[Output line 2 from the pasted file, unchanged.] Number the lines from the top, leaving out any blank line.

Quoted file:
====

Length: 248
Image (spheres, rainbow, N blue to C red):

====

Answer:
Image (spheres, rainbow, N blue to C red):